Galesburg Register-Mail from Galesburg, Illinois on July 19, 1963 · Page 15
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Galesburg Register-Mail from Galesburg, Illinois · Page 15

Galesburg, Illinois
Issue Date:
Friday, July 19, 1963
Page 15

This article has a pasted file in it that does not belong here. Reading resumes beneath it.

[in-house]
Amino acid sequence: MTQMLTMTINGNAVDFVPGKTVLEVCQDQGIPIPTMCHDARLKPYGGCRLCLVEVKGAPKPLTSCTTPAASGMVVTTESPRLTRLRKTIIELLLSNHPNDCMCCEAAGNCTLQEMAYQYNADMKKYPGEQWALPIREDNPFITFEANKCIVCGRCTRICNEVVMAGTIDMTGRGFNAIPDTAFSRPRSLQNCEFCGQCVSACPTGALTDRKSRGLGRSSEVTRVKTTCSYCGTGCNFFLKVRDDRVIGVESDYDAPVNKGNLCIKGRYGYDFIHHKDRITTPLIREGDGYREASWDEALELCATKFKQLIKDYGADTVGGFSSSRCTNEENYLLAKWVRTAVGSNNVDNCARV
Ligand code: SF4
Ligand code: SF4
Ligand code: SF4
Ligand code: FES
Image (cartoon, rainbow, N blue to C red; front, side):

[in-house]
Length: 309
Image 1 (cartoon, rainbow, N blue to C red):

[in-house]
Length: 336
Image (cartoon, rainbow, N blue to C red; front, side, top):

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Study Comitioti Market Galesburg Student Joins Tour of Europe By-ROBERT LEMAY Dan Roberts, son of Knox County Judge and and Mrs. Daniel Roberts, is awaiting the return of a 75- page report of a month's tour in Europe. Each year the College of Agriculture at Iowa State University sponsbrs a tour oi the United States for a group of students, under the guidance of agriculture professors. Eight quarter hours, equivalent to 5 1/3 semester hours, are given for the tour after the report is turned into the professors. But this year, as the group was discussing the European Common Market, the idea of a tour there instead of one in this country cropped up. Joins Tarty of 40 Thus on May 28, Roberts, 40 other Iowa State students and two professors boarded a bus for Chicago, caught a plane for New York City, and after a day's tour of the city, flew to Amsterdam, the Netherlands. Here the purpose of the trip, observing agriculture methods, began to unfold. A unique situation, farming on the coast be- Jow sea level, was observed. Roberts said the work of reclaiming land from the Zuidcr Zee proved extremely interesting. After the dikes are built, ditches are dug in the fields, which lead to canals, which carry the watej; to a pumping station where the water is pumped over the dikes into the Zuider Zee. Then .a grass with coarse stems is planted. These plants soak up the surface moisture for several inches into the ground and disperse it into the air through evaporation. After this is accomplished, the Dutch put tiles into the ditches for better drainage, which is a problem in below-sea-level farming. A lack of nitrogen is also a problem for the farmers. Observe Auction The group, watched a flower auction that works opposite from American auctions. Instead of starting low and bidding higher, the Dutch begin at the top price and work down. At the auction he attended, Roberts said the sellers are bound to sell through the cooperative. A huge clock, about 12 feet in diameter, shows the top price. When the bidding begins, the six- foot hand swings counterclockwise until it reaches a price a bidder will pay. This man punches a button at his seat, and the price and bidder are shown on the clock. They also visited a "farm, under glass" where crops such as grapes, vegetables and flowers are raised. One man usually cares for 2Vz acres. About 1,400 acres are farmed in this manner in the Netherlands. Travel Via Bus From Holland, the student traveled by a bus driven by a Dutchman to Bad-Godesburg, Germany, located near Bonn. At Bonn University the group studied what Roberts terms "topnotch work in soil studies." From there the group went to Cologne and visited the same cathedral in which President John F. Kennedy attended Mass on his European trip last month. Roberts found the journey from Coblenz north on the Rhine River a fascinating time because of the old robber barons' castles set only 10 to 15 miles apart. Tlic group then headed for the Black Forest, where the equivalent of a county extension agent took, the members on a tour of the urea. Roberts said the cattle there are dual purpose—dairy LIGHTNING RODS GEORGE E. OWENS 20 Circle Drive—Galaiburg, 111. 342-0408 and beef come from the same herd. During Iho winter the farmers become loggers and send the trees crashing down snow-Covered hillsides. Acquire Watches , Switzerland was next, where everyone purchased a watch, They stayed at Lucerne and visited a small cooperative cheese factory. The one farm visited was 14 acres, but the farmer was making a very adequate living, according to Roberts. The students then headed for Italy and the fertile Po Valley and Milan, called the New York City of Italy by Roberts. The group visited Rome and the Vatican City during the nine days mourning for Pope John XXIII. After the Italian visit, the students headed for a day of "rest" on the French Riviera. They then headed north to Paris. They noted how the government is attempting ' to consolidate small fields into larger ones. In the past when a French farmer died, he divided each of his fields Dan Roberts Prairie City Park Draws Large Crowd PRAIRIE CITY - There were 220 people counted at one time at the East Park at noontime on Sunday when picnics and family reunions were taking place. Strangers coming for the first time from a distance were heard to remark on the hospitality the park grounds afford, such as electrical outlets for coffee pots, fresh drinking water and other facilities. This year more playground equipment has been added and all has been painted attractively in red and white peppermint stripe. Several of the shining white tables have been donated by families and all park tables are kept clean as well as the lawn and flower beds kept in tip top condition. The Park Committee, headed by Harry Orwig, met this week to make plans for the picnic Labor Day. Orwig and his wife Dorothy live nearby and they personally spend a great deal of time in -lelping to keep up the grounds. equally among his song. Thus in one plot, corn, beans, pasture or any other crop would grow side by side. , four Station After flying across the English Channel, the Iowa Staters visited the first farm for controlled soil fertility work—the Rothomsted Experiment Station. A field was divided lengthwise, with one half limed. Then cross divisions were made and various elements added to each section. Thus, for example, in one plot the effect of phosphorus on a crop with and without lime could be noted. This farm recently celebrated its 100th anniversary of soil fertility work. The remainder of the journey was spent in Scotland. The students spent their last day in Europe touring a farm owned by Sir Alix Buchanan-Smith, member of the House of Lords. The group then returned to London and flew back to Chicago. They arrived in Ames, Iowa, June 25. Roberts, a junior at Iowa State, intends to go to summer school for the second session, beginning Friday. During the interim he has been working around home and finishing his report on the journey. He is enrolled in the Department of Farm Operations. Advance Work On New Kitchen At Maquon MAQUON—Work is progressing on a new kitchen at the Maquon Junior and Grade School. Maquon Briefs Miss Juanita Gooding of Oak Park is spending her vacation with her mother, Mrs. S. W. Gooding. Mr. and Mrs. Gerald Shcnaut drove to.Iowa City July 16, to get their young son Tim, who had major surgery on his leg July 11. Rev. and Mrs. John Clarke of Knoxville called at the home of Mr. and Mrs. T. F. Gooding Tuesday. Gooding is continuing to improve from his recent heart attack. Lighter Runs Hold Price Level for Hogs By GEORGE B. SHEA (Galesburg Order Buyers) Receipts of hogs this week at our markets are about the same as Jast week, but the overall movement is around 11 per cent less than last and 4 per cent less than one year ago. The lighter receipts a big factor in maintaining hog prices at present levels. Last Friday the market was 25 cents lower, the top here in Galesburg dropping to $18.50, but it bounced back Monday to $18.75 and has remained there since. The bulk of the 200 to 230-pound hogs selling at $18.50, with the best overnight and early arrivals at the $18.75. The hogs weighing above 230 pounds are 25 to 50 cents higher than last Thursday, and packing sows arc steady at $15.50 and down. The heavier hogs are very scarce at the present time, causing the narrowing of the price spread in the butchers. Hogs under 200 pounds arc being discounted at most of the markets so it will probably be best to keep hogs marketed as they reach 210 pounds and keep the lighter weights back. Quality Is Good The quality of hogs has been very good and has been one of the main reasons for hogs selling at present levels despite an abundance of other meat products. There is still room for improvement in a good mdny hogs, so I would urge those that realize their hogs need improving to try to do so, to keep hogs selling at profitable prices. Raising Pigs Is Lively 4*H Project, Brings in Cash Valley GAA Plans Picnic Valley GAA will have an annual picnic at Wee-Ma-Tuk July 23 starting at 11 a.m. Members and guests were asked to be present at the D & H station from where the group will travel to the picnic grounds together. GAA members are to bring a covered dish, table setting and swimsuit. New sophomore girls will be guests. There is never a dull moment for 4 -H boys and girls enrolled in a ftwine project. There's a lot to learn and plenty of action with the pigs. As a matter of fact, sometimes the animals come in for as much attention and recognition as their owners. One 4-H junior championship pig, Tip Top Topper by name, appeared on a Chicago television show during the National 4-H Club Congress last year. Its owner, Bruce Brown, 20, was state and national 4-H swine program winner from Indiana, who with his father raises pure­ bred Chester White hogs on their 420-acre farm in Tippecanoe county. The success of their hog business, according to young Brown, is due to scientific know-how and the up-to-date methods used. Learns About Feeding Through 4-H, Brown has learned about proper feeding, breeding and marketing. He reports that his Chester Whites have brought record high prices. Brown, like hundreds of other older 4-H members, is a junior leader. He says he finds it very rewarding to inspire and help younger boys. While Brown enjoys being a winner himself, he is a good losef. He told of the time he sold oM of his pigs to a neighbor boy at a very cheap price to get the lad started in a much needed moneymaking project. The boy showed the pig in competition with one of Brown's own Chester Whites at the county fair. The neighbor's pig walked off with the champion barrow ribbon. Follows Others And so it is with scores of other young 441 farmers "learning-by- doing" to raise and sell the best meat-type flogs. The Cooperative" Extension S«tv» ice leads the way by prWidfng r* search Information, scientific faeil and other assistance. The Moorman Mfg. Co. of Quirt* cy, ill., gives impetus to the pro* gram by annually providing court* ty, state and national awards. The six national 4 -H swine scholarships have been increased this year from $400 to $500 each. The state award winner will at* tend the Nationat 4 -H Club Congress at Chicago Dec. 1 • 5, with all expenses paid by Moorman. 4l Church Maps Calendar At Wataga WATAGA-The church calendar was the main topic of discussion when the board of trustees and church council of the Wataga Congregational Church held a combined meeting Tuesday. A potluck supper was served at 7 p.m. with 16 families present. Several dales were scheduled for future activities The choir will hold an ice cream social Sunday, July 28 at 5:30 p.m. No worship service will be conducted during August. Beginning Sept. 1 worship will be held at 9:30 and Sunday school at 10:30 a.m. Ladies Aid will hold a supper and bazaar Sept. 26. The board of trustees will hold a special meeting Nov. 1!) with a representative of the national association as guest. The Christ: mas program will be held Sunday evening, Dec. 22. Family Sunday will be observed the last Sunday of September, October, November and December with the youth leading worship the last Sunday in December. The church will participate in worldwide communion Sunday, Oct. 6. State meetings will be held as usual. Sunday school workers will meet first Tuesday of the month, the men's club, second Tuesday, and the Ladies Aid, the first Wedntsday of each month. Next combined meeting of the board and council will be held Oct. 15. READ THE CLASSIFIEDS! pO MILLION WOMEN Education Determines Jobs Ahead! Former Altonan Honored on Anniversary ALTON A — To celebrate the birthday anniversary of Mrs. Audrey Potorf of Galesburg, a former Allona resident, a group of friends gathered at the Little John Conservation Club Tuesday for a potluck dinner and a swimming party. Those present were Mrs. Potorf and children, Mrs. Barbara Tim- line and children, Mrs. Patty Swanson and children, Mrs. Norma Garner and daughter, Miss Marion Ward, Mrs. Margaret Whiting and Mrs. Carrie Johnson and Bobby. SCHEDULED FOR JOBS — Within the next decade about 30 million women are expected to be holding down jobs, says the U.S. Department of Labor. Women now make up about one- third of the total labor force of 75 million. Modern invention and technological advances will National 4 -H Sen/Ice Committee Photo add new jobs to the wide span already being filled by women. Many positions are and will be in the home economics field. Employers indicate that more professionally educated women are needed, and those trained in specific skills as well. Processing and Butchering BUTCHERING HOGS AND BEEF 6 PAYS EVERY WEEK. Our expert meat cutters assure you ot getting most cuts from your beef or bogs. Processed to your individual family needs and packed in the best plastic coated freezer paper. BUTCHERING CHARGE: BEEF $5, HOGS $2.50 We Use A Pehairing Machine to Give A Packinghouse Job WESTERN ZERO LOCKER "Customer Satisfaction Is Our Aim" Home Economics Offers Wide Choice of Positions Modern invention and technological advances will add new jobs to 'the wide span filled by the 25 million women working today, who constitute about one- third of the total U. S. labor force. Within the next decade, says the U. S. Department of Labor, some 30 million women are ^expected to be holding down jobs. Students who complete high school, and decide early on a future career will have a better chance for job fulfillment, educators point out. More professionally educated women are needed now to fill jobs in the home economics field, observes a home economist, and more will be needed in the future. Also in demand will be those with specific training and skills in non-professional areas. Hold Head Start One group of young women has a head start. They are 4-H Club members enrolled in a home economics program. At some time during club membership, reports the National 4-H Service Commit­ tee, nearly every one of the 1.3 million girls enrolled in 4-H receives some training in her dual role of future homemaker and career woman. Sewing, meal planning, nutrition, home management, interior decoration, fashion and consumer education are among the projects in which 4-H Club members participate. They start in 4-H as young as 9 years of ago, and many remain for as long as 10 years. Volunteer adult and junior 4-H leaders supervised by the Cooperative Extension Service head the local clubs. Provide Funds Encouraging these future home economists, scientists, writers, mothers, teachers and business women are two corporations that annually contribute funds, educational literature and technical assistance to the national 4-H clothing and the foods-nutrition programs. They are Coats & Clark Inc., which this year will help 12 girls with their college education by way of $500 national clothing scholarships. General Foods Corp. will give six $500 scholarships to top-ranking club members in the 4-H foods-nutrition program. Both firms will bring to Chicago as delegates to the weeklong National 4-H Club Congress state award winners from all 50 states and Puerto Rico—102 in all. Coats & Clark and General Foods are but two of hundreds of private enterprises helping the youth of this country find where their future lies. Illinois Fair Official Eyes Big Program By LEO SULLIVAN "We look for livestock entries to be bigger than last year, everything will be above average," Franklin H. Rust, general .manager of the Illinois State Fair, told representatives of the press, radio and television who were guests of Rust and his wife Wednesday at his home on the fairgrounds at Springfield. The Wednesday gathering was a curtain-raiser for the 1963 fair, which opens Aug. 9, and continues through Aug. 18. Following a luncheon on the lawn of the Rust residence, Robert M. Schneider, director of the Illinois Department of Agriculture, spoke briefly and lauded the work of Rust as general manager of the fair. "We have great hopes for attendance of a million this year," Rust remarked, as he spoke to the gathering. Last year's attendance totaled 875,797. He spoke of decreasing farm population as one of the factors which might mitigate against hitting the million mark. Sell Out June 15 Despite an adjustment upward of the fees charged for concession space, the entire grounds were sold out by June 15, he reported. Two of six new barns in the construction program have been completed, Rust stated, with the other four to be completed by September. A 66 by 12 foot cooler is being provided for the carcass show, which will be presented on a larger scale than any previous year, Rust told the group. The fair will have an international aspect, with practically every free country having exhibits. A Russian home, the same model as is being constructed by mass production in Russia, is being built as one of the exhibits. There will be military displays, the amount of farm machinery exhibits is up 30 per cent from last year, Rust related. Something new for the children will be the Gaslight Square, and a miniature circus also will be among the exhibits in the exhibition area. "The good exhibits did not come to us, we went out and got them," Rust remarked in discussing plans for this year's fair. Guests were taken on a tour of the grounds, with special attention given to the new Junior Livestock Activities and Exhibit building which will be the scene of 4-H events during the fair and in which special ceremonies will he conducted during the opening day of the fair. Also on the tour, Rust told of the various improvements and changes made this year. I' k IQalesburg Register-Mail orne GALESBURG, ILL., FRIDAY, JULY 19, 1963 PAGE 15 Quotes From Today's News By United Press International NEW YORK - Actress Shelley Winters, explaining in part why she had to have her stomach pumped out in her Moscow hotel room: "The Russians drank toasts endlessly. They even drink a toast when you leave a room. I wanted to be sociable, but I'm no drinker." Avon Poland China Breeder Is Leader for Production J. R. Bcatty of Avon, ranks third in the nation in the nuniber of Poland China litters qualified for production registry during the first six months of 1963, according to officials of the National Poland China Record Association of Galesburg. According to the report issued by the national recording organization, the Bcatty herd qualified | 52 litters for production registry during the past six months. These litters contained an average of 10.1 alive pigs per litter, with an average birth weight of 3.26 pounds per pig. College research has demonstrated that pigs of this weight at birth have 60 per cent more chance of survival to weaning as compared to two pound pigs. Meet Requirements A grand total of 2,413 litters met the requirements for production registry in the Poland China breed during the first six months of 1963. To qualify as a production registry litter a gilt must far­ row 8 or more alive pigs, with a total weight of 22 pounds or more at birth. A sow must farrow 9 or more alive pigs, weighing 26 pounds or more at birth. Records on each qualifying litter must be witnessed, and entered on record at the association's office within one week of the date of birth. ers Meet With Mothers At Maquon MAQUON—The Maquon Peppy Pals and Square Circle 4-H Clubs and their mothers were guests of the Maquon Unit of the Knox County Homemakers Extension Tuesday at the Maquon Methodist Church. Mrs. Helen Miller, chairman, extended greetings to the 28 guests. Marilyn Pickrel gave a demonstration "Baked Custard." Jackie McCormick demonstrated "Making a Funny Cake." They are members of the Square Circle. Barbara Pruett ol the Peppy Pals Club demonstrated making Brownies and Alberta Faucon Junior leader of the Peppy Pals demonstrated "Flower Arrangements." Both clubs took part in the dress review. Mrs. Helen Peterson and Mrs. Etta Morse, hostesses for this meeting, gave the major lesson on "Dairy Foods." Mrs. Mary Shenaut gave a demonstration on how to "cover a button" for the minor lesson. Mary Shenaut reported on public information. The hostesses served refreshments from a decorated tea table. READ THE CLASSIFIEDS! Vacationers Attend Picnic ALTONA—Third annual picnic for those people spending winter in Tucson, Ariz., was held at Lincoln Park recently. Those attending were Mr. and Mrs. Clyde Leigh of Avon, Mr. and Mrs. Roy Anderson of Alexis, Mr. and Mrs. George Edgar, Mr. and Mrs. Clarence Higgins of North Henderson, Mr. and Mrs. Lloyd Russell, Mr. and Mrs. Charles Nelson of Rio and Mr. and Mrs. Alvin Johnson of Wataga. Others were Mr. and Mrs. Keith England, Mrs. Hannah McMaster, Mr. and Mrs. Arthur McKie of Oneida, Mr. and Mrs. Ralph Russell of LaFayelte and Mr. and Mrs. Scott Erickson of Altona. A NEW KIND OF AUGER WAGON! PRECISION-MIXES AS IT UNLOADS! DURJb LEE IMPLEMENT CO. ONEIDA, ILLINOIS PATENT PENDING* Knoedler WASHINGTON — FBI Director J. Edgar Hoover, commenting on the record crime rate in the United States last year: "Positive action to reduce crime must begin with the individual citizen." NEW YORK - Franklyn Branley of the Hayden Planetarium, looking forward to an overcast during the sun's eclipse so that better photographs of the resulting shadow could be taken: "I know it's a terrible thing to want, but I'm hoping for clouds." MIAMI BEACH, Fla. — North Carolina Gov. Terry Sanford, favoring a change in rules at the governors' conference that would require unanimity on any resolution: "The resolutions process has degenerated to a mere device for presidential hopefuls." HAY STACK COVERS 16'x20' 10-oz. W. P. Duck $ SPECIAL 34.95 Any size made to order. *•/ Wrt Ut»f VTM* "™' DtS-tlM' PCA= 1-stop financing FOR FARM MACHINERY Efficient, profitable farm operations de. mand trouble-free, up-to-dafe farm ma« chinery. You may not purchase ali your machinery from one dealer — but you should take advantage of FCA's ainglo source of credit/ Not only will you save money by having the cash to buy what you need — at a lower cost -— but by dealing exclusively with PCA # you eliml* nate multiple interest costs. For details contact: MONMOUTH PRODUCTION CREDIT ASSOCIATION 240 S. Main St. Monmouth, III,